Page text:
With Donald Trump elected as the next president of the United States, attention has turned to his pro-growth priorities and what they will mean for the economy. While the short-term impact of tax reform, less regulation and increased infrastructure can be positive for economic activity, many investors are beginning to focus on how these potential policies will weigh on the federal deficit and national debt.

When considering the federal debt/deficit, there are two distinct issues related to the different time frames: long term over the next several decades and medium term over the next several years. Our view is that the increasing federal debt presents long-term challenges that will need to be addressed eventually, but politicians are not likely to deal with those issues anytime soon. In the near term, however, we do not expect concern about the deficits or debt to weigh on U.S. growth. In fact, the potential for substantial fiscal stimulus is positive for our cyclical outlook.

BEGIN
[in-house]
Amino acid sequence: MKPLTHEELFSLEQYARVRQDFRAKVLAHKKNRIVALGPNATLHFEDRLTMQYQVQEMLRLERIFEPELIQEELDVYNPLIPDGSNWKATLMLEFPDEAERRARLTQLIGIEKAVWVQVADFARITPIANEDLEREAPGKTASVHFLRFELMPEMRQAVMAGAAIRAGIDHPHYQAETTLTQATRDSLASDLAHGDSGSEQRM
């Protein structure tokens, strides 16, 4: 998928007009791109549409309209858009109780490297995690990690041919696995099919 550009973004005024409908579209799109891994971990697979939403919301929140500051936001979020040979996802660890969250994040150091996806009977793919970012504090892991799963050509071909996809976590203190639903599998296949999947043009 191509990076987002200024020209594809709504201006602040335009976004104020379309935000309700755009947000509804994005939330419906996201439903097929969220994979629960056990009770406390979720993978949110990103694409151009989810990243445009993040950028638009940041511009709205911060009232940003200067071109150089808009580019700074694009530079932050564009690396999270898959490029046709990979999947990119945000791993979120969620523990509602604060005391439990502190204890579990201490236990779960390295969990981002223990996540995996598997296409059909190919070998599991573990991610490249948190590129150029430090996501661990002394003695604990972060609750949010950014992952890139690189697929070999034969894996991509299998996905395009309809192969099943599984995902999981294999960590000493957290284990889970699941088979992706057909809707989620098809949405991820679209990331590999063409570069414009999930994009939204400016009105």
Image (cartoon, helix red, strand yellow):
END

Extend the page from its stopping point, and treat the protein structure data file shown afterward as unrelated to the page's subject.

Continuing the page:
Favorable Cyclical Outlook Despite Long-Term Concerns

Long-term debt concerns focus on the growing spending on Social Security, Medicare and Medicaid over the coming decades as the baby boomers retire, exacerbated by the expected rising cost of financing as inflation and real interest rates normalize. There is widespread focus on the federal debt — and the federal deficits that increase that debt — for several reasons. Many in the public are concerned about what high deficits and debt may imply about future tax hikes or spending restraints that might affect them personally. In addition, federal spending and taxes are among the few economic indicators that politicians decide on, making them the focus of both public comments and fundraising. Forecasts of rising federal debt are also linked to general apprehension about whether the U.S. is on the “right track" or the “wrong track."

The Congressional Budget Office (CBO) released a report of its outlook for the next decade, “An Update to the Budget and Economic Outlook: 2016 to 2026" (August 2016, cbo.gov).* This report indicated that annual budget deficits as a share of GDP would trend higher from 2.5% in 2015, to 3.2% (3.0% adjusting for timing shifts) in 2016, to 4.6% in 2026. The CBO lowered its estimate of potential economic growth and real GDP growth, as well as its expected path for interest rates. This was before the victory of Donald Trump, who advocates policies which are likely to increase the deficit over the next few years and quite likely well beyond.